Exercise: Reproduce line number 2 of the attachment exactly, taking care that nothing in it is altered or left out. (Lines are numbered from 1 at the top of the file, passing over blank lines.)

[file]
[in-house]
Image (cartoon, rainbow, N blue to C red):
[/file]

Image (cartoon, rainbow, N blue to C red):